The Minimum Viable Metaverse
What gaming, social media, and productivity in the "new normal" tell us about the next wave of software
We all know the story: Within a matter of days, the restaurants emptied, the offices closed, the traffic left the streets and, whatever could, moved online. We locked down and logged on.
The world is reeling. Lives changed and lost. Political tensions high. Employment far from certain. Yet the internet persists and allows us to operate, some of us at full capacity if we’re lucky. The main engines are down but we’ve still got thrusters to help propel forward and navigate the new normal, albeit in (mostly) virtual space. Among the many implications of this pandemic, we are forced to confront long-standing theories about the logical progression of the internet and software. Where are we headed via the internet?
As of early March 2020, the developed world’s consideration of this question abruptly shifted from theory to praxis. Our children now attend classes on Zoom. We watch “sports” on Twitch instead of the typical TV and SVOD services. We buy and sell with Shopify-powered storefronts and we bank exclusively through apps. The doorbell rings, the daily Amazon delivery shows up, and we briefly remember that there’s a whole layer of the economy we don’t see too often anymore, a physical supply chain fulfilling the requests we make as clicks and taps and voice commands.
Few of these behaviors are completely new and some of them were already baked into our routines. I’m not arguing that months of quarantine will hurdle us into an all-new reality. Some, if not many, things will ease back to the way they were. But the impact of our collective withdrawal into WiFi-abundant homes — the new normal of a predominantly digital existence, which onset basically overnight — surely gives us a glimpse of changes ahead.
In a recent interview on the Invest Like the Best podcast, investor @GavinSBaker said, “Recessions are always an accelerant of change. They always change the vector of change. Both the speed and the direction.”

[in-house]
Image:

In this moment, that vector of change points toward the Metaverse, a concept borne from science fiction and embraced by Big Tech and indie techies alike, which envisions the next instance of the internet as one in which virtual spaces and worlds “converge with actual reality.” Baker thinks of the Metaverse as “a series of connected virtual worlds that a majority of people will spend a majority of their waking hours in within my lifetime.”
To date, it’s been easy to write this off. For most of us, the prevailing view of the Metaverse was the Hollywood articulation, where citizens jack-in and roam a parallel reality with video game topography. Visions of mainstream virtual worlds were not to be taken seriously. But now arrives the Metaverse of the mundane. The one we’ve been building the components of but couldn’t see for what it was until, one day in 2020, the floor became lava and those components were the only solid things to stand on.
A sketch of some of the tech and trends shaping what we might think of as a minimum viable Metaverse:
Two months into the new normal, we’re starting to pick up strong signals about how entertainment, work, school, and common modes of social interaction will change. What can we expect in the near future?
I. Video games will guide the way
There is nothing surprising about the fact that video game usage is skyrocketing during a shelter-in-place situation. The largest captive audience of all time is stuck at home, wanting to move around, explore, and compete, all while connecting. Any game with a built-in social element can thrive in these conditions. More people playing reinforces the fun of the game and network effects kick in. Verizon’s CEO says gaming on their networks is up 100%.